● Ask your health care provider for diagnostic or genetic testing to rule out a possible heart condition.
Electrocardiograms (ECG or EKG) record the electrical activity of the heart. ECGs have been shown to detect a majority of heart conditions more effectively than physical and health history alone. Echocardiograms (ECHO) capture a live picture of the heart.
● Your youth should be seen by a health care provider who is experienced in evaluating cardiovascular (heart) conditions.
● Follow your providers instructions for recommended activity limitations until testing is complete.
What if my youth is diagnosed with a heart condition that puts them at risk?
There are many precautionary steps that can be taken to prevent the onset of SCA including activity modifications, medication, surgical treatments, or implanting a pacemaker and/or implantable cardioverter defibrillator (ICD). Your practitioner should discuss the treatment options with you and any recommended activity modifications while undergoing treatment. In many cases, the abnormality can be corrected and youth can return to normal activity.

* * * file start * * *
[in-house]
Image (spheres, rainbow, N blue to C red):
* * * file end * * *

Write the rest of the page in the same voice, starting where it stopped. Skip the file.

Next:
What is Sudden Cardiac Arrest?
Sudden Cardiac Arrest (SCA) is a life-threatening emergency that occurs when the heart suddenly stops beating. It strikes people of all ages who may seem to be healthy, even children and teens. When SCA happens, the person collapses and doesn’t respond or breathe normally. They may gasp or shake as if having a seizure, but their heart has stopped. SCA leads to death in minutes if the person does not get help right away. Survival depends on people nearby calling 911, starting CPR, and using an automated external defibrillator (AED) as soon as possible.
RECOGNIZE THE WARNING SIGNS & RISK FACTORS
- Ask Your Coach and Consult Your
- Doctor if These Conditions are
- Present in Your Youth
- Potential Indicators That SCA May Occur
- Fainting or seizure, especially during or right after exercise
- Fainting repeatedly or with excitement or startle
- Excessive shortness of breath during exercise
- Racing or fluttering heart palpitations or irregular heartbeat
- Repeated dizziness or lightheadedness
- Chest pain or discomfort with exercise
- Excessive, unexpected fatigue during or after exercise
How COMMON is SCA?
As a leading cause of death in the U.S., most people are surprised to learn that SCA is also the #1 killer of student athletes and the leading cause of death on school campuses. Studies show that 1 in 300 youth has an undetected heart condition that puts them at risk.